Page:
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Are they dancers? Ask them, and they'll tell you: "Strange Fruit." And not just any kind of strange fruit: "Australia's Strange Fruit." They may be from Down Under, but they're "over the top" ... and over the audience. Way over the audience.
"I get to kind of fly and woo people, anyone can kind of get something out of the show. Some people can get right into the music," said Strange Fruit's Kathryn Jamieson. "Other people just get into the comedy of it. It's just a beautiful thing."
Strange Fruit is an appropriate name, because this kind of fruit starts on the ground and works its way up the "tree"; trees being wispy poles that stretch 13 feet into the air. And it's up there, high above the concrete, where Strange Fruit blossoms.
"It's birdlike, and let's face it: Everyone wants to fly," said Strange Fruit's Darren Carmichael. "I think that's the essence of what makes it so breathtaking."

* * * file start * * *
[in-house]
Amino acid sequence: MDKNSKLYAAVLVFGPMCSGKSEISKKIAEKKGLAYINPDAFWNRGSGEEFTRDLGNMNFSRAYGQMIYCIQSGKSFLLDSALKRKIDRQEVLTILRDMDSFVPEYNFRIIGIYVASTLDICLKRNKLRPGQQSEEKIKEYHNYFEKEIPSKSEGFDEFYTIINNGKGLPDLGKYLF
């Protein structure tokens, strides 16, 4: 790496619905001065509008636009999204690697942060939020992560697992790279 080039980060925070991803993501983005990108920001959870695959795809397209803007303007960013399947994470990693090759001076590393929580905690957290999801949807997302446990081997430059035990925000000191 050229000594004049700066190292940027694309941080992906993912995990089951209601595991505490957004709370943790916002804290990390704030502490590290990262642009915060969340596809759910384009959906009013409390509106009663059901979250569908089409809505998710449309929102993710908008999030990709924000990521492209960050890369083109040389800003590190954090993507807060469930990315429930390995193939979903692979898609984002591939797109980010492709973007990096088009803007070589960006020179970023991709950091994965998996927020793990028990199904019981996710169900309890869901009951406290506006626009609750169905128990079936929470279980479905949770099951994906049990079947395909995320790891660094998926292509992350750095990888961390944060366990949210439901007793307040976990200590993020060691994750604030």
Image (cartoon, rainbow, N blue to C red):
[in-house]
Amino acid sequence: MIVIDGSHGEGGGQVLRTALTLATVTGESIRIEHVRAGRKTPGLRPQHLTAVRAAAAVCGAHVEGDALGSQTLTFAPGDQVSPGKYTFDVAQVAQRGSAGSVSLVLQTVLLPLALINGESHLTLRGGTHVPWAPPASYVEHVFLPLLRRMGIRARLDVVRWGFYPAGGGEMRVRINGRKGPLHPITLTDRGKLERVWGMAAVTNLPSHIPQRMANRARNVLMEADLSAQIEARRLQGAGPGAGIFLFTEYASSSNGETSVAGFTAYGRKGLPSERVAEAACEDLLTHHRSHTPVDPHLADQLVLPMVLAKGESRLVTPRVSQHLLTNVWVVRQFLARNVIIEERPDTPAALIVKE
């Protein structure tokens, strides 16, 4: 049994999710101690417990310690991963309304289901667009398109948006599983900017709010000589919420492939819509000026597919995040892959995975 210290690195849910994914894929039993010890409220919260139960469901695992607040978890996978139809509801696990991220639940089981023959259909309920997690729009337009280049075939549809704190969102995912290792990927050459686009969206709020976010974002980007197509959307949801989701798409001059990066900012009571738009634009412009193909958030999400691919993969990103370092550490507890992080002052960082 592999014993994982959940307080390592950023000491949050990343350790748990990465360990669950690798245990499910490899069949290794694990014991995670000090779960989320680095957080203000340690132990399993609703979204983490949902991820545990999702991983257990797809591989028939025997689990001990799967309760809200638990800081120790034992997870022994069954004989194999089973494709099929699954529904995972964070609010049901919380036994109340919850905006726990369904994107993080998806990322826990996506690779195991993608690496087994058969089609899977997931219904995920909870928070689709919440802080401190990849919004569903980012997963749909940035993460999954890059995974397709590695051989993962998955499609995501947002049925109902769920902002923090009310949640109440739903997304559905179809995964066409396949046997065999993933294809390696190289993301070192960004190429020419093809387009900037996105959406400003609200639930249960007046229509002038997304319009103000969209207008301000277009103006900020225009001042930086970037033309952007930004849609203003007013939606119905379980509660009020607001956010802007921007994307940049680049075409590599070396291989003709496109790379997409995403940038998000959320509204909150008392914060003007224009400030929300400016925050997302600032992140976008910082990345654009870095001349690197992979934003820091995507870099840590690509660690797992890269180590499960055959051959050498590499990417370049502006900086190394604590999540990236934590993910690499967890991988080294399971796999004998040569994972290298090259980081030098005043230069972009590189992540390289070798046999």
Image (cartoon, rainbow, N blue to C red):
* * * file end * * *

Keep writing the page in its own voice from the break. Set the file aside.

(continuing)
Strange Fruit relies on a pretty strange set of tools: They've got the eclectic outfits, they've got the huge steel foundations, and of course, the 13-foot-tall fiberglass poles. Which basically makes this the world's only family-friendly version of "pole-dancing."
And if you're wondering about those poles, you're not alone. Sure, they're thin and seemingly pushed to their limits, but they're also safety-tested.
And Strange Fruit performers understand the gravity of the situation.
"I'll be in the show but I'll be thinking, 'I hope this isn't it!'" said Jamieson.
"We've never had a pole break," said Carmichael. "They're made of fiberglass, so you can trust them completely. You have to. Or else we fall."
And no one wants that. After all, a mime is a terrible thing to waste.